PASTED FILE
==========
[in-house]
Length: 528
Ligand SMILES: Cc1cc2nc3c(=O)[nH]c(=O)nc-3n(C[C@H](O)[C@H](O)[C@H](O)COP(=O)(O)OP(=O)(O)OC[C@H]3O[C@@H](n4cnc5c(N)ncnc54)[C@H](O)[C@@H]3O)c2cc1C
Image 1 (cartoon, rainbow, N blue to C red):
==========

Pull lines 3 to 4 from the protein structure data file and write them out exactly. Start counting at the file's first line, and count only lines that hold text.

Ligand SMILES: Cc1cc2nc3c(=O)[nH]c(=O)nc-3n(C[C@H](O)[C@H](O)[C@H](O)COP(=O)(O)OP(=O)(O)OC[C@H]3O[C@@H](n4cnc5c(N)ncnc54)[C@H](O)[C@@H]3O)c2cc1C
Image 1 (cartoon, rainbow, N blue to C red):